This is a domestic rabbit, it was someone's pet it, has been released in the wild to die a long painful death. Even in areas where the European rabbit are native, if it looks domestic, it is a released pet.
The 'pustules' are difficult to see clearly in the image, but the one on the ear may be a tick. The rabbit needs urgent medical attention, if you can take them to a vet today that would be great! Alternately contact a local animal shelter or rabbit rescue.
Not all animal shelters take domestic rabbits, if yours doesn't, or if they will not come out and pick it up. Check https://rabbit.org/ for your nearest rabbit rescue, not every rabbit rescue is listed at rabbit.org if the nearest listed is far away from you, contact them for info about one closer to you.
Updates after edits and other posts by OP.
From your description of interacting with the bunny, it lets you get close enough to spray meds on it's ears, but is not ready for you touch it yet. There are a couple of references above with help for catching a skittish pet bunny.
The longer he/she stays free the more likely he/she will die. A loose pet rabbit is not 'Free' it is 'Food'. Unlike Cats, domestic rabbits do not have long periods getting over being feral, they re-domesticate very quickly. If it is truly a released pet then the sooner you can capture it the better.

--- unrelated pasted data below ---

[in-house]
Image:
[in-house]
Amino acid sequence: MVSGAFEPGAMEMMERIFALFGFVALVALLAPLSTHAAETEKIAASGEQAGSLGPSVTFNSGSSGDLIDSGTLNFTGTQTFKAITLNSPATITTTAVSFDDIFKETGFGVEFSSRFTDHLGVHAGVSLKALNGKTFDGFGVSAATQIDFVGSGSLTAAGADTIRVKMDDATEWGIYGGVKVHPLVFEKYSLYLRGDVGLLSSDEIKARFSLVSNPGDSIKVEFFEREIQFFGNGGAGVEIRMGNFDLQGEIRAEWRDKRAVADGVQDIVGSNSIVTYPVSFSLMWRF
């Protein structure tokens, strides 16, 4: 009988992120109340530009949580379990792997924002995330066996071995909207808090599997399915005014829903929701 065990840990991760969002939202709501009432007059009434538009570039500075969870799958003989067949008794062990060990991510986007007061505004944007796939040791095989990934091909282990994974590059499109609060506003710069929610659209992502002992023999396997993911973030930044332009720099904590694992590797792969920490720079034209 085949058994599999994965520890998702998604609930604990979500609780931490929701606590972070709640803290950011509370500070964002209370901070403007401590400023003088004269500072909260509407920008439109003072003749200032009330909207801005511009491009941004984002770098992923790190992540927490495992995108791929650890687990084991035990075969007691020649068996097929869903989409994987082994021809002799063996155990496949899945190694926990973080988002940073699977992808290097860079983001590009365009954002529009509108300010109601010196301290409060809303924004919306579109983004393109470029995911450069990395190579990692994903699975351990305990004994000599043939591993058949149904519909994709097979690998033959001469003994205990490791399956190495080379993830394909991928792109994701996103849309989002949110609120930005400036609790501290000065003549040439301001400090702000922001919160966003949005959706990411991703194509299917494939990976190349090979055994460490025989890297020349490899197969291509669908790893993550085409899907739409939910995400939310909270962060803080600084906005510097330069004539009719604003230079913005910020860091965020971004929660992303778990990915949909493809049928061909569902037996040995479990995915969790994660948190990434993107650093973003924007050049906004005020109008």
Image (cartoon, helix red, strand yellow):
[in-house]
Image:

Rabbits are very territorial. It is likely it will stay in the same general area. They will be more active during the early morning and late evening (Dawn and Dusk). I am guessing from the photos that the rabbit is near a walking path. I suggest using a live animal trap as pictured below, you have been feeding treats for a couple of days now. Start putting the treats in the trap, in the same place. These traps can often be borrowed from local rescues, or purchased relatively cheaply. It is best if you can stay in the area of the trap while waiting for the bunny. If you don't catch it in the morning leave the treats, take the trap and come back in the evening to try again.